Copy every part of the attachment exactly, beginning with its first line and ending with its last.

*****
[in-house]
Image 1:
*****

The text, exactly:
[in-house]
Image 1: